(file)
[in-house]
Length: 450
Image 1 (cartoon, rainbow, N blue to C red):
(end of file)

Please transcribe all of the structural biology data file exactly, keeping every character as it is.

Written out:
[in-house]
Length: 450
Image 1 (cartoon, rainbow, N blue to C red):